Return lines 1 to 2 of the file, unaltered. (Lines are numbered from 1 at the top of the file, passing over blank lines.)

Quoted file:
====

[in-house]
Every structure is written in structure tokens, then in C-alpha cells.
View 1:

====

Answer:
[in-house]
Every structure is written in structure tokens, then in C-alpha cells.